From the Tao Teh Ching, translated by John C. H. Wu:

”…the Sage manages his affairs without ado, And spreads his teaching without talking, He denies nothing to the teeming things. He rears them, but lays no claim to them. He does his work, but sets no store by it. He accomplishes his task, but does not dwell upon it.

And yet it is just because he does not dwell on it That nobody can ever take it away from him.”

11/10/04 09:15 GMT - 09:00 (Pacific Time)

Long absence… again, Book news and the Blog…

Due to a long illness I’ve had to suspend work on the book. It’s been inevitable for some time, as you may have noticed by the rather sporadic entries on this blog. Its permanently on hold for the moment, but I’m interested in a co-author if anyone wants to decipher my erratic notes.

I also want to get some decent blog software together - something that allows comments also. I am no programmer. Suggestions open. But I’m gonna keep blogging. Ranting about whassup in the world of copyleftmedia. Or rather, the changes in Copyleft and its associated forms. This site will still function as a forum for drawing together the various forms of copyleft used by musicians - or FOSS, Creative Commons, Open Source or whatever you’d like to call it.

So why am I now using so many terms instead of just Copyleft?

I’d like to come up with an all-encompassing term for this kind of ‘stuff’… but for a long time i’ve been growing towards the idea that ‘Stuff’ for want of a better word needs to come together. That nothing will happen if we keep dividing ourselves so regimentally into Free Software, or Open Source, or Creative Commons as if they are religions. Religions, of course, always incite division between others who essentially believe in the same cause. As Madonna herself put it: ‘WTF?’.

The essence of the matter is - if we want to be free, we have to allow freedom of choice. You can’t brow-beat someone into Free Software - in doing so, you take away their Freedom. Thats not what I call Free as in Freedom not Beer.

I’ve broken away from the ‘Free Software Only’ camp, the ‘Never May Open Source Tread Here’ groupies. Likewise with Open Source. I’ve been more drawn to Creative Commons as a solution, because it offers a spectrum from full Copyright as it is conventionally used, to Free Software, non-commercial copying only, and finally the Public Domain. But all of these camps have their own parking spaces. Creative Commons is the closest that I can get to uniting this movement of ‘Stuff’, of alternative copyright, while allowing freedom of choice.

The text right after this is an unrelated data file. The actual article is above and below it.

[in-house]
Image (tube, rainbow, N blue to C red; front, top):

But here I go, about to piss off absolutely everyone in the whole, utterly divided camping ground.

Creative Commons has just launched an initiative in working with the BBC to open media archives for creative use, free from copyright charges. Great idea, wouldn’t you say? And there are some great and well known people working for it - Cory Doctorow heading up the clan. But sadly, it has fallen into the same trap as all the rest - it functions as a clan. I’ve lurked, after popping my head up on the invitation-only mailing list and annoying all and sundry, and followed the focus of the group, which seems to be to ‘schmooze’ the intelligentsia and those high up in the BBC. The focus is, of course, Oxbridge.

And what is Oxbridge may you ask? These days, Oxford and Cambridge universities, and the towns themselves, are no longer a seat for thought - they are places where Mummy and Daddy pay expensive fees - fees that no ordinary but excelling student could afford - to have their sons and daughters launched into the elite of society. An ill-educated elite, mind, who spend most of their time larking around instead of studying, pay the fees, wait another year and pay for a Masters degree which is little more than a piece of paper.